Interaction between comic books or graphic novels and animation film is favored by an interesting number of common places. Most of them deal with linguistic, thematic, and esthetic items, but also with social concerns. Choosing a socially committed perspective can have a negative repercussion in commercial interests. But it is an inestimable option for educational purposes, as authors such as Wright or Rodríguez Diéguez set out. Even so, the present scene for this relationship with animation is very restricted compared with full-length films using real image as a narrative option. The transfer from comic to film represents the need of extending the impact of that narration, often without renouncing to produce a very literal result. That is why a great number of adaptations are carried out by the same literary authors. There is no systematization in this kind of production, and alternative means of financing, such as crowdfunding, are emerging. A few titles, nevertheless, gain access to a massive spreading or broadcasting system, which allows this kind of production to be active. We will analyze several successful cases to determine similarities between the artistic, thematic, and linguistic areas, exploring the social and cultural values of both comic and animation works. This article has been completed within I+D+i Research Project: “The Brand Image of Spanish Cinema” (CS02011-24622). It has been financed by the Spanish Secretary of Science and Innovation.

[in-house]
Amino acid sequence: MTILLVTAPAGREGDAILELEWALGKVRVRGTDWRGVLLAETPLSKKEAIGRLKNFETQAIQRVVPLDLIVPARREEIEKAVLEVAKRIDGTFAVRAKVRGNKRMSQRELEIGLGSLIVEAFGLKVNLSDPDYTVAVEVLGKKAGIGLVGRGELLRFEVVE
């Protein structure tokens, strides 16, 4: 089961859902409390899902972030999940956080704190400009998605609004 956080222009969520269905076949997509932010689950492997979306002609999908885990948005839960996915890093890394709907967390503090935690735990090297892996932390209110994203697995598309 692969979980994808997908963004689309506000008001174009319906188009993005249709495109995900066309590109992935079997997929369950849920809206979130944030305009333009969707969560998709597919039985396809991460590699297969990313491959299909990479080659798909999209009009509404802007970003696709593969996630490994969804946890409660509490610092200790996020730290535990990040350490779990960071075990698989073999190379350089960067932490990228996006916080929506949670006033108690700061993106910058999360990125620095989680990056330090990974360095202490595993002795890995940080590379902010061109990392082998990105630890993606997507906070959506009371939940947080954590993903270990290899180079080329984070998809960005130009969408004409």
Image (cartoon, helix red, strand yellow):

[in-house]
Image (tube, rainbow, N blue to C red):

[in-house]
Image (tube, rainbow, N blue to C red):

|Keywords:||Comic and Social Interests, Animation Film and Social Interest, Comic-film Adaptation|
The International Journal of Social, Political and Community Agendas in the Arts, Volume 10, Issue 3, September, 2015, pp.37-45. Article: Print (Spiral Bound). Article: Electronic (PDF File; 444.854KB).
Professor, Audiovisual and Cinema Narrative., Departamento de Comunicación Audiovisual y Publicidad II (CAVP II) Facultad de Ciencias de la Información. (Communication), Universidad Complutense de Madrid., Madrid, Madrid, Spain